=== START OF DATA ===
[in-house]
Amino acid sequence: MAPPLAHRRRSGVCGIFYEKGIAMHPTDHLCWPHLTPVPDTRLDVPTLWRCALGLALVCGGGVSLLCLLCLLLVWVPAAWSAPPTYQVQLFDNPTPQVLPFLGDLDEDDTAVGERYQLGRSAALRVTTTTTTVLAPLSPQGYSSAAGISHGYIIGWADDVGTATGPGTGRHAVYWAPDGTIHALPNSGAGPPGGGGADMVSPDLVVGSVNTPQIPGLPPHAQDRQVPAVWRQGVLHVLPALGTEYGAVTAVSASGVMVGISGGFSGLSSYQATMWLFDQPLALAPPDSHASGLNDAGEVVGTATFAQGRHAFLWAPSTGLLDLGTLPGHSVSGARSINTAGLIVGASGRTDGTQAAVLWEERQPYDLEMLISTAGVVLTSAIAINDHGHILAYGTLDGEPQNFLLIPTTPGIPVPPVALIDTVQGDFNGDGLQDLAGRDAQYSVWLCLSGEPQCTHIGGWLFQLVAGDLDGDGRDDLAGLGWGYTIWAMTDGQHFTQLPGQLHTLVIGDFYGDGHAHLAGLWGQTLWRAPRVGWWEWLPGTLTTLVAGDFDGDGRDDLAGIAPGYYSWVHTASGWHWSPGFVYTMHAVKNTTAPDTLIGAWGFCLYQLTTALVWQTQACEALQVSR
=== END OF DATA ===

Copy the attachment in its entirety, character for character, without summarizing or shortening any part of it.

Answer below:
[in-house]
Amino acid sequence: MAPPLAHRRRSGVCGIFYEKGIAMHPTDHLCWPHLTPVPDTRLDVPTLWRCALGLALVCGGGVSLLCLLCLLLVWVPAAWSAPPTYQVQLFDNPTPQVLPFLGDLDEDDTAVGERYQLGRSAALRVTTTTTTVLAPLSPQGYSSAAGISHGYIIGWADDVGTATGPGTGRHAVYWAPDGTIHALPNSGAGPPGGGGADMVSPDLVVGSVNTPQIPGLPPHAQDRQVPAVWRQGVLHVLPALGTEYGAVTAVSASGVMVGISGGFSGLSSYQATMWLFDQPLALAPPDSHASGLNDAGEVVGTATFAQGRHAFLWAPSTGLLDLGTLPGHSVSGARSINTAGLIVGASGRTDGTQAAVLWEERQPYDLEMLISTAGVVLTSAIAINDHGHILAYGTLDGEPQNFLLIPTTPGIPVPPVALIDTVQGDFNGDGLQDLAGRDAQYSVWLCLSGEPQCTHIGGWLFQLVAGDLDGDGRDDLAGLGWGYTIWAMTDGQHFTQLPGQLHTLVIGDFYGDGHAHLAGLWGQTLWRAPRVGWWEWLPGTLTTLVAGDFDGDGRDDLAGIAPGYYSWVHTASGWHWSPGFVYTMHAVKNTTAPDTLIGAWGFCLYQLTTALVWQTQACEALQVSR